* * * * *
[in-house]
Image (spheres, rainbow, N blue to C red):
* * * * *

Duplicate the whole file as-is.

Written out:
[in-house]
Image (spheres, rainbow, N blue to C red):